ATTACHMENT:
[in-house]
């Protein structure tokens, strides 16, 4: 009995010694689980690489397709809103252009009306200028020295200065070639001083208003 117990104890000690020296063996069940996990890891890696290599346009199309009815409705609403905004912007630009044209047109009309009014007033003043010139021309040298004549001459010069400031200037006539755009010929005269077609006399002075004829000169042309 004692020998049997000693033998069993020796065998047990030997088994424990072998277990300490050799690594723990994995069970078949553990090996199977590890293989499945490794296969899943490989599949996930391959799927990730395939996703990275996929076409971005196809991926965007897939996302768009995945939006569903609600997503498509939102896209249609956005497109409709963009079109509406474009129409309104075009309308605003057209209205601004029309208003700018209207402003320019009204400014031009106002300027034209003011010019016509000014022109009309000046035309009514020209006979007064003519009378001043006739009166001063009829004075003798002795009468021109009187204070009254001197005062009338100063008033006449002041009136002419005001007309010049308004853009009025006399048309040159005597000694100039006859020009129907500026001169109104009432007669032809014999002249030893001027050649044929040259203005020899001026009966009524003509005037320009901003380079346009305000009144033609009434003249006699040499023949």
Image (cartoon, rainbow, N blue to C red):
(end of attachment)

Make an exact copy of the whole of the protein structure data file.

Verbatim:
[in-house]
């Protein structure tokens, strides 16, 4: 009995010694689980690489397709809103252009009306200028020295200065070639001083208003 117990104890000690020296063996069940996990890891890696290599346009199309009815409705609403905004912007630009044209047109009309009014007033003043010139021309040298004549001459010069400031200037006539755009010929005269077609006399002075004829000169042309 004692020998049997000693033998069993020796065998047990030997088994424990072998277990300490050799690594723990994995069970078949553990090996199977590890293989499945490794296969899943490989599949996930391959799927990730395939996703990275996929076409971005196809991926965007897939996302768009995945939006569903609600997503498509939102896209249609956005497109409709963009079109509406474009129409309104075009309308605003057209209205601004029309208003700018209207402003320019009204400014031009106002300027034209003011010019016509000014022109009309000046035309009514020209006979007064003519009378001043006739009166001063009829004075003798002795009468021109009187204070009254001197005062009338100063008033006449002041009136002419005001007309010049308004853009009025006399048309040159005597000694100039006859020009129907500026001169109104009432007669032809014999002249030893001027050649044929040259203005020899001026009966009524003509005037320009901003380079346009305000009144033609009434003249006699040499023949």
Image (cartoon, rainbow, N blue to C red):